They are considered to be special, as they are the result of the difference between the lunar calendar of the old Germanic tribes with 354 days and the Julian calendar of the old Caesar with its 365 days. This leaves 11 “dead days” (and thus 12 nights), which for the Germanic peoples were outside their time.
In their imagination, the boundaries between our world and the spirit world were fluid during this period and strong spiritual powers prevailed on earth. You could consult all kinds of oracles to find out about your future, and young women stood at a crossroads at midnight to see the figure of the man they would marry pass by. Sort of like Tinder in its early beta stage.
The Wild Hunt
During the rough nights, the “wild hunt” also raged across the sky. This bunch consisted of all kinds of demons as well as the poor souls of those who had died violently or “before their time”. They were led (depending on the region) by Wotan / Odin and Huldra / Frau Holle. Frau Holle also liked to ride on her lucky pig (which she shares with her Nordic equivalent Freya, whose boar is also called “Hildeswin”).
The wild hunt was not directly hostile to humans. But anyone who looked at them could be carried away and had to travel across the sky with them for years before they were allowed to return home.
That’s why windows and doors were locked especially tight on these nights and small children were told not to go outside under any circumstances. Which is generally advisable on cold winter nights.
It was also frowned upon to hang washed sheets outside during this time. Because the wild hunt could get caught in them. And out of their anger, the spirits would steal one of the sheets and bring it back the next year as a burial sheet. There are regions in Germany where, to this day, no laundry is washed during the rough nights, because it is said to bring bad luck.
Depending on the region, these evil spirits could be kept away by loud noises, like firing firecrackers, ringing bells or making noise, for example with pots and bowls (as in the North German Rummelpottlaufen).
Traditions for Generations
So if you’ve ever wondered why Germans cling so stubbornly to firecrackers on New Year’s Eve, why they try to find out about their future by pouring lead into cold water or why they give each other little pigs as lucky charms, you’ll find the answers to all these questions in the customs of the Rauhnächte. All of these German traditions go back for centuries and are deeply engraved in the peoples DNA.
One last New Year’s Eve tradition: Watching “Dinner for One” on TV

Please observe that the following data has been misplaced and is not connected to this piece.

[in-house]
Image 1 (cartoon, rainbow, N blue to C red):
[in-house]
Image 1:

The most recent and most peculiar tradition involves a British comedy sketch filmed in back and white in 1963. It only lasts 18 minutes and shows British comedian Freddie Frinton playing a butler for an elderly lady. It’s her 90th birthday and as all of her friends have died before her, she’s sitting alone at the dinner table which is set for 5 people. So the butler not only has to serve dinner, he also has to take on the roles of the four gentlemen who are no longer available. Which mainly means giving a toast to the lady of the house with every course of the meal. For each of the four absent gentlemen.
This, of course, leads to the butler becoming increasingly drunk. He seems to be well aware of the course of the evening, as he asks his ladyship before each course “The same procedure as last year, Miss Sophie?” To which she sternly replies “The same procedure as every year, James!”
Freddie Frinton played this sketch in shows in Blackpool, where he was discovered by a German author and a German director looking for new talents. They invited him to come to Germany and turn his sketch into a TV version. Frinton wasn’t very fond of Germans as he served as troop support during the second world war, but in the end he agreed. But he categorically refused to do the sketch in German. So the show was filmed and broadcast in English with only a German introduction.
It became so popular with the German audience that it has been on TV every New Year’s eve for the past 50 years since 1972.
It is ironic that Frinton’s biggest success was in a country he didn’t even like.
As you can see, while Germans are usually described as rational and not very emotional, they do have a lot of customs and traditions that they are attached to and cherish (even if they sometimes don’t know their origins anymore).
An now, all that’s left for me to do is to wish you all a Happy New Year in German:
Ein frohes neues Jahr und mögen sich alle eure Wünsche erfüllen!
A happy New Year and may all your wishes come true!